Websites too could be thought to have developed an ‘uncool’ image since they stormed onto the marketing battleground a decade-plus back. Zeald has been the go-to company from back then. They too have evolved to maintain their status and today (and going forward) look to ‘Responsive Design’ to pull-all-the-levers/ push-all-the-buttons at the appropriate time.
“Done right,” says Evan Cooper, Zeald’s marketing team leader, “your website can be the most cost-effective ‘sales rep’ that you have ever hired, delivering your best sales presentation, every time, no matter what the hour or location. It can be turned into an incredibly powerful business tool, with the potential to generate massive amounts of qualified enquiries and sales.”
Like any dominant company in an important niche (8,612 clients over 11 years), Zeald has moved with the times and, more importantly, taken to helping their customers keep-up (or, allow them to hand over the responsibility to Zeald to achieve the maximum return, with the maximum possible cost-efficiency. This service is most valued in the SME sector, as social media and mobile platforms have swept to the fore.
“SMEs particularly need results immediately. There’s no extra budget to experiment,” says Cooper. “The question is not ‘Should I do mobile?’, but rather ‘Why don’t I have a mobile presence already?’
“Content provides meaning to the viewer. It requires human judgement to decide what actually matters most to a user and not automated pages. This means the designers and developers will need to choreograph, to a certain extent, what content goes where and what that content should do when viewed on certain devices.
“Over the past few years, more and more people and businesses are using mobile devices to browse the Internet, with more and more different types and sizes of devices coming online, so your website pages will need to look different depending upon what is displaying them.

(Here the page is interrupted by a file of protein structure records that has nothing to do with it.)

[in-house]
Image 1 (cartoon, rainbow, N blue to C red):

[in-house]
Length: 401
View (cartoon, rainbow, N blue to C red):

“The best web designs are the ones that make things easy. It is about being user-friendly. It is web design that responds to the user as they arrive at the web page,” suggests Cooper.
“But, unlike previous methods for handling mobile designs, you don’t create a separate site for every type of mobile browser that you want to support. Responsive design simply looks at the features of the device viewing the page, and delivers the format appropriate for that device,” says Cooper, who believes 2013 will also see fewer attempts to impose solutions tailored for large companies onto Kiwi SMEs.
On the subject of website marketing, Henning Dorstewitz, Google’s B2B PR and public affairs chief for Australasia is brief and to-the-point: “Your readers need to look no further than AdWords Express. It’s our latest ad format for SMEs and it’s basically our search advertising tool AdWords ‘made super easy’ for smaller companies.”
If you need convincing further, Sam Corban, a licensed acupuncturist based in Westmere, Auckland, can provide it (see editor Glenn Baker’s interview with Google’s Tony Keusgen, in the Biz Tech section).
Google partner, Yellow, has probably been through the greatest transformation of all from a marketing perspective – from a passive provider of printed business directories to what it is today.
Yellow CEO, Chris Armistead, believes the revitalised and digitised company is in a unique position in that it has been talking to New Zealand businesses for decades.
“Everyone knows that people who are running their own businesses are time poor. And they’re experts in their craft – be it fixing cars or making cakes – but they’re not necessarily online experts. They know they need to be online but it can be overwhelming to try to understand how it works, let alone make it all happen. And who to trust?
“We can take care of it for them and offer a one-stop shop. SMEs come to us not just for print anymore, but to dive (or dip their toe) into the digital world, at a level that both suits them and they can afford.
“This can be as simple as a three-page website that’s boosted with video and search-engine marketing via Google Adwords, through our Google Premier SME partnership,” Armistead says.